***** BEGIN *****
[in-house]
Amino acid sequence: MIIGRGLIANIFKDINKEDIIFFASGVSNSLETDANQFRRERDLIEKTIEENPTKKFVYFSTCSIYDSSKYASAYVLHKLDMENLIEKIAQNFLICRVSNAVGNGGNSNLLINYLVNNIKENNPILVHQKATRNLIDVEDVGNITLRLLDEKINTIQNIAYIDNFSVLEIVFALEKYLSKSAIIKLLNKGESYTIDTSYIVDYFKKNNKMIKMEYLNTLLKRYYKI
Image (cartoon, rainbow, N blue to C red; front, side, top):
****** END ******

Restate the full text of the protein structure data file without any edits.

[in-house]
Amino acid sequence: MIIGRGLIANIFKDINKEDIIFFASGVSNSLETDANQFRRERDLIEKTIEENPTKKFVYFSTCSIYDSSKYASAYVLHKLDMENLIEKIAQNFLICRVSNAVGNGGNSNLLINYLVNNIKENNPILVHQKATRNLIDVEDVGNITLRLLDEKINTIQNIAYIDNFSVLEIVFALEKYLSKSAIIKLLNKGESYTIDTSYIVDYFKKNNKMIKMEYLNTLLKRYYKI
Image (cartoon, rainbow, N blue to C red; front, side, top):